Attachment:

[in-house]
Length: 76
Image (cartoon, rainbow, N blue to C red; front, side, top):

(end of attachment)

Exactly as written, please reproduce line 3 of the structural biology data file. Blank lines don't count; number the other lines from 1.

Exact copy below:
Image (cartoon, rainbow, N blue to C red; front, side, top):